Modified cam timing, carburetor changes and enlarged intakes boosted the engine output to 385 HP @ 7850 rpm. More rigidity was designed into the front and rear portions of the chassis; similar changes are often incorporated when older Miuras are restored.
Some (but not all, as is often thought) of the SVs received the quite valuable "split sump" treatment, seperating the lube system between the transmission and the engine. A few SVs were equipped with a limited slip differential.
Lamborghini ended production of the Miura SV when it built s/n 4822 on October 12, 1973. Just over 750 Miuras were built.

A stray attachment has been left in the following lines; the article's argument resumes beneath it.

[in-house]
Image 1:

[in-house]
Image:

Most car models end their production run when demand ceases, but this was not the case with the Miura. By all accounts they could have kept selling it as buyers were still eager. But Lamborghini had a worthy successor waiting in the Countach and their limited manufacturing facilities could not accomodate two models. The Countach continued the Miura tradition and also became an exotic car benchmark, setting new standards in styling and technology. It further revolutionized drivetrain systems with a mid engine layout (this time in line) with the tranmission in front of the engine. The Countach succeeded wildly, becoming a high end icon in the eighties. But it all started with a small group of ambitious young engineers with a dream called the Miura.